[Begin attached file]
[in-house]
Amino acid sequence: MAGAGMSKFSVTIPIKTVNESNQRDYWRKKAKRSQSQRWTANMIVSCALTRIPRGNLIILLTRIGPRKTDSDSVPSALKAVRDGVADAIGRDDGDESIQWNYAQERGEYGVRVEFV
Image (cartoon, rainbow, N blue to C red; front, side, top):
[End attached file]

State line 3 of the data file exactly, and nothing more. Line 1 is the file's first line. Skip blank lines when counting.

Image (cartoon, rainbow, N blue to C red; front, side, top):